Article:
Houthis hit US-owned ship in attack after “terrorist” designation

The attack was carried with a drone that damage a US-owned bulk carrier.

A US-owned ship was attacked by Yemen’s Houthi rebels in the Red Sea on Wednesday, hours after the US announced it will re-impose “terrorist” label on the group for its role in disrupting maritime trade in the region.

The Houthis claimed responsibility for the attack on the “Genco Picardy” bulk carrier, saying they fired missiles that hit the ship with precision.

The US military confirmed that the ship was struck by a drone that originated from Houthi-held territory in Yemen. It said the ship suffered some damage but no casualties, and it was able to continue sailing.

The attack came as the US said it will re-designate the Houthis as “global terrorists”, a move that will freeze their assets and ban their members from entering the US.

The US National Security Advisor Jake Sullivan said the decision was based on the Houthis’ repeated attacks on commercial vessels in the Red Sea and the Gulf of Aden, which he said amounted to terrorism and endangered US personnel and global trade. He said the US will reconsider the designation if the Houthis stop their attacks and engage in peace talks.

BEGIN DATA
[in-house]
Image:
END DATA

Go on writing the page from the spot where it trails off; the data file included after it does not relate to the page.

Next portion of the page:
The US had previously designated the Houthis as “global terrorists” and “foreign terrorist organisation” (FTO) in the final days of the Trump administration, but reversed the decision in 2021 after President Joe Biden took office. The reversal was motivated by humanitarian concerns, as the UN and aid agencies warned that the sanctions could worsen the famine and humanitarian crisis in Yemen, where millions of people depend on aid for survival.

The US said it revoked the FTO designation but kept the “global terrorist” designation to balance the humanitarian and security interests. However, the US said it was compelled to re-impose the sanctions after the Houthis escalated their attacks on shipping in the Red Sea, which is a vital route for global trade and energy supplies.

The Houthis, who are backed by Iran, have been fighting a Saudi-led coalition that supports the internationally recognised government of Yemen since 2015. The conflict has killed tens of thousands of people and displaced millions more.

The Houthis said their attacks on the Red Sea were in retaliation for the Israeli military operation in Gaza, which killed more than 200 Palestinians and injured thousands more.

They also accused the US and the UK of being complicit in the Saudi-led coalition’s air strikes on their positions in Yemen, which they said amounted to aggression against their country.

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